From the opening credits that recap the first film’s narrative with pencil drawings to the closing moments of Mary Jane (Kirsten Dunst) deciding to give it a go with Peter (Tobey Maguire) even though he’s Spider-Man, “Spider-Man 2” (2004) is a totally engrossing and satisfying sequel. Director Sam Raimi puts a viewer in the shoes of Peter the whole way as he hits his lowest lows – losing his powers while also feeling all alone in the world – then rises up again.
The Karate Kid Part II” (1986) is definitely a less sloppy film than the original, without its forbearer’s editing errors, but it’s also a slightly less interesting one. The sequel is often entertaining, but it’s disappointing to see that “The Karate Kid” is apparently going to be a follow-the-formula film series where Daniel (Ralph Macchio) encounters a group of bullies and ultimately defeats them with a special trick move. On the other hand, I can’t quibble about Mr. Miyagi (Pat Morita) being the focal point of “Part II,” as he is the saga’s best character.
The first two chapters of the “John Wick” saga — in addition to somehow making top-shelf entertainment out of a suit-wearing, dog-loving dude gun-fu-ing his way through baddies like he’s in a live-action video game — do some of the best world-building of any original franchise this decade. At the end of “Chapter 2,” John Wick (Keanu Reeves) breaks a cardinal rule of this oddly formal crime underworld by killing someone on the grounds of New York’s Continental hotel. Thus in “John Wick: Chapter 3 – Parabellum,” every assassin who loves money (all of them, in other words) aims to kill Wick and collect the $14 million bounty. Continental boss Winston (Ian McShane) gives Wick 50-50 odds of surviving.
Ithought “Spider-Man” (2002) was run-of-the-mill when I saw it in theaters, but I got into it more on this rewatch. It’s a down-the-middle origin story for sure, but the fact that writer David Koepp and director Sam Raimi get the tone of the comic-book right (for kids, but not dumbed down; fun, but with real stakes) is nothing to sneeze at. And the casting – my god, the casting. I can see the longing in Tobey Maguire’s eyes every time Peter Parker looks at Mary Jane Watson (Kirsten Dunst), and Willem Dafoe is excellent in a tricky, tragic role where he isn’t always aware he is in fact the Green Goblin.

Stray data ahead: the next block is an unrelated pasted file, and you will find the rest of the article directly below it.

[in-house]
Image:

The same thing that excites a viewer about “The Karate Kid” (1984) – the fact that it’s directed by John G. Avildsen and filled with songs by Bill Conti – also brings it crashing down, because “The Karate Kid” is no “Rocky.” It’s no fault of those “Rocky” collaborators — Avildsen gives the film a nice look and gets strong performances out of young Ralph Macchio and veteran Pat Morita, and Conti is on his game, especially with Survivor’s “Moment of Truth” – but many parts of the movie are not fully fleshed out.
Iremember “Daredevil” (2003) being a solid – and even serious — superhero movie when I saw it in the theater. But after “Batman Begins” (2005) set a new standard for serious genre films, and after Netflix’s recent “Daredevil” series did justice to the Man Without Fear, the 2003 movie stands in stark contrast as a mediocre adaptation of the Marvel comic.
The grand experiment is over, and it’s a success. The first 22 films of the Marvel Cinematic Universe comprise a saga similar to a TV serial, but with way more characters, way more side journeys and way more money. And most remarkably for a movie series, it has an ending for the initial batch of six Avengers, with “Avengers: Endgame.” We knew all this going into the film, which itself raises one final question: Does it stick the landing? The answer is a qualified yes.
Who will live? Who will die? Who will be resurrected? How will our heroes defeat Thanos? Big questions are on the minds of Marvel Cinematic Universe fans heading into the 22nd outing, “Avengers: Endgame,” which will hit theaters Friday, April 26. It’s not the end of the saga by any means (trailers for July’s “Spider-Man: Far From Home” are already out, so I have a good feeling about Spidey’s fortunes), but it’s definitely the end of an era as some of the original Avengers – such as Robert Downey Jr.’s Iron Man and Chris Evans’ Captain America – might be calling it quits with this film, one way or another.
The most fun-to-watch (and possibly the most fun-to-make) parts of “Bad Boys” (1995) are the action sequences, and that’s again the case in the sequel. I wouldn’t be surprised to learn that returning director Michael Bay and the four writers of “Bad Boys II” (2003) came up with action sequences first, then strung a loose screenplay around them.
The Punisher” Season 2 (January, Netflix) might be the most violent season of TV I’ve ever seen. I wouldn’t be surprised if the budget listed fake blood and wound makeup as the biggest expense. Some episodes are bleak enough to affect my overall mood for the next day. Still, while the usual Netflix Marvel Cinematic Universe problem of slow pacing is present in the middle episodes, this is overall solid serial storytelling.